The Law Guardian then asked for the statutorily required 15 days for discovery (Family Ct Act § 331.7 [2]) and 30 days to make motions (Family Ct Act § 332.2 [1]). The Assistant District Attorney commented that any adjournment would have to be based upon a finding of good cause stated on the record. The court adjourned the matter to February 10, 1994, without stating on the record that it was for good cause.

By order to show cause dated February 2, 1994, appellant moved to dismiss the second petition on the ground the court lacked jurisdiction to adjudicate a refiled petition previously dismissed on speedy trial grounds. The court denied the motion, stating that the circumstances of the adjournment on January 10, 1994, including appellant's request for time to make motions, "were deemed good cause" by the court even though not explicitly stated on the record. The court reiterated that the dismissal of the first petition was "upon the grounds of jurisdictional deficiency," that a delay in the initial appearance beyond 10 days was not intended to be a speedy trial ground for dismissal, and that a hearing within 60 days of the initial appearance on the petition was still possible at the time of the dismissal.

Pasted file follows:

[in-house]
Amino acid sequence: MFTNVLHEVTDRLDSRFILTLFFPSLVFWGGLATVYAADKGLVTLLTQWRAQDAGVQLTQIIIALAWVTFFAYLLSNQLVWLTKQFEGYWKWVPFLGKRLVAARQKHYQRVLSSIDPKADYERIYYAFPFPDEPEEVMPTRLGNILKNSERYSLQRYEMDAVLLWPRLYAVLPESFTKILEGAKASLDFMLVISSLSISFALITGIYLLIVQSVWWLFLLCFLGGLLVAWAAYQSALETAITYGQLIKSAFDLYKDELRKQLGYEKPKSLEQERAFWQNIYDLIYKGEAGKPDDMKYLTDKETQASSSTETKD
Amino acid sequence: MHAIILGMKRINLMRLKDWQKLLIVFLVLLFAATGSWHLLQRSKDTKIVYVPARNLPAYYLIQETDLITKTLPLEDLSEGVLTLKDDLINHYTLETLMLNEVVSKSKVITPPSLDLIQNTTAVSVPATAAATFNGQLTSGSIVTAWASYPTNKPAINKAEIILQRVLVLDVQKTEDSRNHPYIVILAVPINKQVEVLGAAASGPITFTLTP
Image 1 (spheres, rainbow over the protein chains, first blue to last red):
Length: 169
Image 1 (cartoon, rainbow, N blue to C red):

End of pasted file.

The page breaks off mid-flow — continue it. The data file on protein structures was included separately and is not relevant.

Appellant's first argument is that the 60-day time period in which the fact-finding hearing must commence when a juvenile *209 is not detained (Family Ct Act § 340.1 [2]) begins after the initial appearance on the first petition. Respondent contends that because a petition dismissed for a jurisdictional defect is a nullity, the 60-day period commences only upon the initial appearance on the second petition.

In Matter of Robert O. (87 N.Y.2d 9), this Court did not reach the issue of whether the 60-day period commences with the initial appearance on the first petition or with a subsequent petition.[1] We hold that under the facts here the 60-day period commences with the initial appearance on the first petition. This conclusion is consistent with the legislative mandate that there be a swift determination of the charges brought against juveniles. (See, Matter of Frank C., 70 N.Y.2d 408 [dismissal of petition upheld where adjournments beyond the 60-day period had not been based on good cause or special circumstances]; Matter of Randy K., 77 N.Y.2d 398 [failure of a juvenile to appear would not stop the 60-day period from running absent an adjournment for good cause].) If the 60-day period does not commence until an initial appearance on a second petition or a nondefective petition, the policy of speedy determinations is subject to abuse.

A fact-finding hearing may be adjourned pursuant to Family Court Act § 340.1 (4) on good cause. However, appellant argues that the 15 days for discovery and 30 days for motions permitted by statute rendered a speedy trial impossible and that good cause for adjourning the fact-finding hearing did not exist.